Acting FCC Chairwoman Jessica Rosenworcel on Friday laid out the proposed rules for the Emergency Connectivity fund that excludes new network construction from a $7.17 billion program meant to help students get and stay online as the coronavirus pandemic drags on, planning to limit purchases to laptops, tablets and Wi-Fi hot spots.
New phones were also excluded in the fund proposal, available here, because they lack the full functionality students, school staff, and library patrons need to perform necessary remote learning activities , homework, or research.
The FCC noted that they did not receive a single comment or other filing from a school or library claiming that they purchased smartphones to use instead of laptops or tablets for their students, school staff or library patrons or have found smartphones to be good substitutes for tablets or laptop computers.
With the one exception for areas where no service is available for purchase, the FCC excluded from eligibility funding for dark fiber and the construction of new networks, including the construction of self-provisioned networks.
“In so doing, we agree with commenters that argue that, as a general rule, using Emergency Connectivity Fund Program support to construct new networks or self-provisioned networks is inconsistent with Congress’ intent to fund “the purchase” of broadband services to meet students, school staff and library patrons’ immediate needs, rather than the construction of networks,” the FCC stated.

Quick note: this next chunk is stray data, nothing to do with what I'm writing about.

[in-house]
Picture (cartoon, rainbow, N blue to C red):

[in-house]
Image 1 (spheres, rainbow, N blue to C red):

They disagreed with those commenters that argued that Congress intended that the Emergency Connectivity Fund be used to support everything eligible under the E-Rate Program’s category one services because it referenced “advanced telecommunications and information services” under section 254(h) of the Communications Act.
“During the pandemic, our classrooms went virtual and what was already an unconscionable homework gap has become a learning chasm with even more devastating consequences,” Rosenworcel said in a statement.